A River’s Contrasts and Inequalities in the Arid Lands of Brazil

Osnir da Silva Rubez prepares the furrows that will take water from the São Francisco river to irrigate his crops in the Brazilian Semi-arid ecoregion. He refuses to join the local drip or micro-sprinkler irrigation system, which is more efficient in water use, fertilisation and soil protection. Credit: Mario Osava / IPS
Osnir da Silva Rubez prepares the furrows that will take water from the São Francisco river to irrigate his crops in the Brazilian Semi-arid ecoregion. He refuses to join the local drip or micro-sprinkler irrigation system, which is more efficient in water use, fertilisation and soil protection. Credit: Mario Osava / IPS
  • by Mario Osava (juazeiro, brazil)
  • Inter Press Service

The São Francisco River, which rises in the state of Minas Gerais, near the centre of Brazil, and flows northeast, has boosted irrigated agriculture in its 2,863 kilometres, much of it in semi-arid territory, with rainfall averaging between 200 and 800 millimetres per year.

It is a privileged basin, located in a region that suffers from water scarcity, especially in the increasingly recurrent droughts, when small rivers and streams dry up.

Water availability, immense due to the river's large flow, was increased by the construction of two hydroelectric dams North and South of Juazeiro, a city of 238,000 people, which has developed a fruit-growing industry, mainly for export.

Mangoes and grapes are the main local crops, grown on large private farms and in the irrigation projects of the state-owned São Francisco and Parnaíba Valley Development Company (Codevasf). Export activity highlights the contrasts and inequalities of the so-called Semi-arid ecoregion.

Flood irrigation

“The ditches that were initially used for irrigation are wasteful in their use of water. Drip irrigation is mostly used nowadays, since it uses only the necessary water, is monitored by computers and measures of soil humidity,” explained Humberto Miranda, chair of the Bahia Federation of Agriculture.

“Before, only 30 per cent of the water was used, today more than 90 per cent is used, which means that little is lost,” he said during an IPS tour of various localities in Juazeiro to visit farms and organisations involved in the irrigation project.

In Mandacaru, the system that enabled the switch to drip irrigation, with ponds and pumping, was implemented in 2011, explained Manoel Vicente dos Santos, one of the first settlers in the project launched in 1973. “Irrigation by furrows was unstable, bringing more water to one plant than to others, a waste,” he recalled.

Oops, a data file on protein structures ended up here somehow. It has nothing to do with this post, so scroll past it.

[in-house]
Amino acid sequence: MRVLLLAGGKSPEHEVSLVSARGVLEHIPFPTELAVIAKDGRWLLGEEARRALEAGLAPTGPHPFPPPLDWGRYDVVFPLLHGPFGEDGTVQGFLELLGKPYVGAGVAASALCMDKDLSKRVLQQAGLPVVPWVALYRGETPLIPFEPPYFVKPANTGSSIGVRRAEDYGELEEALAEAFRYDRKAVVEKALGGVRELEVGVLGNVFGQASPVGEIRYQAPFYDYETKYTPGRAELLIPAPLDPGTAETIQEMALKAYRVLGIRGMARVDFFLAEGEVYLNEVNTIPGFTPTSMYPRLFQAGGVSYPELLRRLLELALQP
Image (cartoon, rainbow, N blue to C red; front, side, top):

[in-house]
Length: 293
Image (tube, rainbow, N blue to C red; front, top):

But Rubez resists the change. In addition to the investment required in pumps and hoses, the drip system uses a lot of electricity, about 1,000 reais (200 dollars) a month. “And I have no heirs to leave the system to,” the 60-year-old single man joked with IPS.

The drip system is a step forward in these irrigation projects. Apart from saving water, it improves soil management, reducing erosion and controlling chemical fertilisation by directing it to the roots through the water, says José Moacir dos Santos, general coordinator of the non-governmental Regional Institute for Appropriate Small Farming(Irpaa).

But irrigation projects, whether Codevasf or private, do not favour local development, concentrate income, nor offer seasonal jobs during harvests, and they promote inequality, Dos Santos criticised.

Prosperity for the few

The wealth amassed by export fruit farming stays in the hands of a few, but creates a perception of prosperity that attracts many poor people to Juazeiro and neighbouring Petrolina, a city of 387,000 people separated by the São Francisco river and linked by a bridge.

Migration to these two fruit-growing capitals of the Brazilian Northeast “swells their populations, especially their poor and infrastructure-poor peripheries, while emptying nearby cities,” said the activist, son of Manoel Vicente, one of the project's settlers.

In his opinion, an “injustice” has been done, because the river supplies the fruit-growing industry that exports its water contained in the fruit to Europe, the United States and Japan. But it does not do the same for the entire riverside population, which also has to resort to other, more distant springs.